Heat recovery ventilators, or HRVs for short, consist of two ventilation ducts running next to one another passing between the inside and the outside of a house. One carries cool, fresh air in; the other carries moist, stale air out. The most important and defining feature is that the airstreams run through a device called a heat exchanger that allows the outgoing air to pass most of its heat to the incoming air without the two airstreams actually mixing together. Usually there's a fan or blower in each duct that can be turned up or down either manually or automatically depending on the temperature and humidity levels. The incoming air supply may also have a bypass fitted to it so that on summer days when it's cooler outside than in, cold outside air can be channeled straight into the home without meeting outgoing air (much like opening a sash window).

It’s like a crisscross effect. Cold but fresh outside air is pumped into the house while simultaneously being warmed by the hot but stale air being pumped out. The concept is simple but effective. Usually the ducts carrying air out of the home are situated so that they pull air from areas in the house that typically generate the most moisture such as the bathrooms and the kitchen. Heat-recovery ventilators can be retrofitted in homes with ducted heating systems. Most contain air filters, some have dehumidifiers built in.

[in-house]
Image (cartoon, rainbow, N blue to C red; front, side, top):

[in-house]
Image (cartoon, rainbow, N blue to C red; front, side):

Pros and Cons of Heat Recovery Ventilators

The pros of heat recovery ventilators should be fairly obvious by now. They harmoniously deal with three different aspects of your home’s air, temperature, ventilation, and humidity. They deal with the problem of low ventilation and poor circulation caused by good insulation which solves the conundrum caused by a lack of fresh air. No fresh air means a build up of moisture and the growth of mold and mildew which will end with an indoor environment that may be warm but is also going to be unhealthy. Heat recovery ventilators continuously exchange that air with fresh and dryer air from outside while simultaneously exchanging that heat so that you don’t lose out on efficiency from your heater’s hard work. In the end you’ve got cleaner, fresher, less humid air that still retains its warmth in the winter and its coolness in the summer.